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Making Transit Work: Insight from Western Europe, Canada, and the United States - Special Report 257 make unimpeded left turns from center or curb lanes (e.g., in Ottawa). Though traffic control measures, such as bus lanes, have also been adopted in some American cities to give transit vehicles priority, they are seldom as well coordinated or routinely enforced as in Western European and Canadian cities. Comfort, Safety, and Convenience Whereas creative marketing and promotion can attract more riders, transit agencies in Western Europe and Canada recognize that comfort, personal safety, and convenience are essential to retaining customers (Syed and Kahn 2000; Lyons and McLay 2000). Accordingly, they appear to spare no expense in equipping vehicles with amenities such as ergonomic seats and state-of-the-art suspension systems. Even simple amenities such as wall clocks on board vehicles and pay telephones, shelters, mailboxes, and bicycle storage stalls at bus stops are common, as are clean vehicles with good ventilation and pleasant and knowledgeable drivers (Reilly 1997; TCRP 1997b, 6). In Ottawa, stations along the busway system are integrated with shopping facilities. Transit stations in many Western European cities serve as connecting points for a variety of activities; many contain restaurants, news kiosks, bakeries, flower shops, and other retail services that are complementary to their transit function. Many transit stations are attractive places to visit in their own right. Transit operators in Western Europe and Canada usually provide convenient means for riders to purchase tickets. Many offer tickets for sale in post offices, student unions, and shopping malls, often supplemented by hundreds of automated vending machines at rail and bus stations. Sidewalks leading to transit stops, intersection controls that allow safe street crossings, and well-lit and secure waiting areas are also the norm throughout much of Western Europe and Canada. Ensuring the safety of public transit riders and maintaining the perception that riding on transit is safe are of particular importance to transit operators in Western Europe and Canada. In German cities, transit services are often supplied by more than one public or private operator. However, regional transit associations, known as verkehrsverbunds, play a central coordinating function, establishing complementary routes, setting uniform fare structures, and allocating government subsidies among individual operators (Pucher and Kurth 1995). These regional transportation entities provide uniformity and consistency in levels and quality of service, helping to make transit riding convenient and uncom-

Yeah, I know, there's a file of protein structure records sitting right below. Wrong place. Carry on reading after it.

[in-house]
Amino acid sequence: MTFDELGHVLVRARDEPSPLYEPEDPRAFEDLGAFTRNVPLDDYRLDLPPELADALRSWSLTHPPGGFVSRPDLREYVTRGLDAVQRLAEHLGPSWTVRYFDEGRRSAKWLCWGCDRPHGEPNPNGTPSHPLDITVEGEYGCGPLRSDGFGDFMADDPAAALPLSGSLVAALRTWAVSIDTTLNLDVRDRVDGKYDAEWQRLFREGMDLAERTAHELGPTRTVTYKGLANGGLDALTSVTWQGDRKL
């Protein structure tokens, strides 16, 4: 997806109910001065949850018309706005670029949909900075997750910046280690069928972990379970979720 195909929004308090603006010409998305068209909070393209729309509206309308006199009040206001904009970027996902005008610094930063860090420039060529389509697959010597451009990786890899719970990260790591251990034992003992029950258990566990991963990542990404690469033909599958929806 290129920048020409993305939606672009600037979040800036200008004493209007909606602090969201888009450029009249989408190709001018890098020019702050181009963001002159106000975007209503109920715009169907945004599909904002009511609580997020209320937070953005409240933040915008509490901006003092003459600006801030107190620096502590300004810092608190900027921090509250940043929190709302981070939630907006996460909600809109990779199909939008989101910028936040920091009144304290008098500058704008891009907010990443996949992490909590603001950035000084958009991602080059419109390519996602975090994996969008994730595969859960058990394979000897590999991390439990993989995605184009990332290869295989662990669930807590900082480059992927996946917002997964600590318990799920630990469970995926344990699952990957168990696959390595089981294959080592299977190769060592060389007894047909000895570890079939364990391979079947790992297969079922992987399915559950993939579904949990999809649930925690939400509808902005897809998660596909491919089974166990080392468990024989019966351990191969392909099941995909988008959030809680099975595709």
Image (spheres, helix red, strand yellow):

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Making Transit Work: Insight from Western Europe, Canada, and the United States - Special Report 257 plicated. In general, Western European transit services are treated as vital components of the regional transportation system. They are well connected to airports, commuter railroads, and intercity rail and motor bus stations. Considered individually, such customer amenities and conveniences may not appear to be important. Their combined effects on service quality are significant, however. Many of these practices can be found in the United States, but not as routinely or in combination with one another. Innovative Marketing Western European and Canadian transit authorities believe that public transit is, or can be made, suitable for everyone—not just an option for downtown-bound commuters or inner-city residents without cars. This attitude manifests itself in the many innovative marketing approaches aimed at broadening transit’s appeal and promoting its use by travelers outside the traditional customer base. Western European transit agencies have turned to innovative marketing practices in part because they have large amounts of spare capacity to fill during off-peak hours. Hence many transit agencies, especially in Germany, Austria, and Switzerland, work closely with promoters of museums, theaters, and sports events to incorporate a heavily discounted transit fare into the price of admission, thus entitling patrons to transit rides to and from large public events without additional charge (Pucher and Kurth 1995, 124–125; TCRP 1997a). Many hotels include 2- or 3-day transit passes in their room rates. Although these “kombi-tickets” are often promoted as a means of curbing automobile congestion, they also provide an opportunity for transit to attract infrequent or new riders, some of whom may decide to use transit more often. Users of such niche services increase use of public transit in their own right; however, if these strategies are truly effective, they will also cause some new riders to use transit more often (Cronin et al. 2000). With such longer-term goals in mind, many Western European transit systems sell heavily discounted passes to university students. The idea is to instill a habit of transit use—one that remains long after entering the workforce, even when the automobile becomes a more affordable option. This practice also exemplifies how Western European transit agencies have personalized marketing by providing information and ticketing packages tailored to the needs of individuals and households.